Case Western Reserve Law Review
By Terry L. Anderson
If you take a course in environmental economics, you are likely to be dazzled with fancy graphs using isoquants, budget constraints, and even social welfare functions. From these fancy tools, F. Bator went so far as to determine a “bliss point,” suggesting that these tools could take society to its maximum level of well-being. I still have the book from which these graphs were taken and I can still remember distinctly sitting through this lecture and just thinking, can you believe it? I am going to learn how to take society to its bliss point!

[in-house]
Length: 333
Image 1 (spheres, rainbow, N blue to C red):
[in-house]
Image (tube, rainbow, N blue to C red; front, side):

This type of analysis illustrates the way economists often approach problems, namely using marginal analysis to maximize some value subject to opportunity cost constraints. From this analysis follows one of the main tenets of economics: if the marginal benefits are greater than the marginal cost, do it. We economists think this marginal analysis is a pretty powerful way of thinking about the world. In determining how clean the air should be, we need to know what the additional benefits of clean air are, what the additional costs of clean air are, and as long as the additional benefits exceed the additional cost then clean it up. If you want to know whether to save an endangered species, the answer is the same: if the marginal benefits exceed the marginal costs, save it.
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